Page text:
If Gov. Jerry Brown is sincere about empowering local school districts rather than dictating the minutiae of their operations at the state level, he will veto Senate Bill 328. The bill to make schools start later in the morning was an overreach when it was introduced by Sen. Anthony Portantino (D-La Cañada Flintridge) last year, and though it has been scaled back a bit, its inherent problems remain.
SB 328 would require all public middle and high schools to start no earlier than 8:30 a.m., with exemptions for rural schools and for so-called zero periods before the start of the regular school day. More than three-fourths of California middle and high schools start classes earlier than 8:30, or at least they did in 2011-2012, a federal analysis found.
Studies have found several benefits to a later start. Better sleep for teenagers is associated with improved mood, higher academic achievement and reduced rates of drinking and drug use. Later start times have the endorsement of the American Academy of Pediatrics.
But there could be some real drawbacks as well. For parents with traditional working hours, getting the kids to school later could make it nearly impossible to report for work on time. Athletics and other extracurriculars would shift later into the day, meaning that during late fall and winter, more students would be coming home in the dark. They would be getting a later start on homework, too.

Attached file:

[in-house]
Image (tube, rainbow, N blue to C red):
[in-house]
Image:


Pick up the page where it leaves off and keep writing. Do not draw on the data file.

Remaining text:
The final version of the bill exempts rural schools from the later start time, a change Portantino said he made to court the votes of legislators representing those areas. That’s part of the bill-making process, but it ignores the valid concerns of other areas of the state.
Of course, state legislators can’t be expected to know all the complications affecting schools in different parts of California, and that’s the point. These are the kinds of issues that local schools do know about. Although the evidence gathered about later school times has been positive so far, it doesn’t yet make a convincing case for changing almost every middle and high school in the state, in huge school districts such as Los Angeles as well as small one-school charter operations.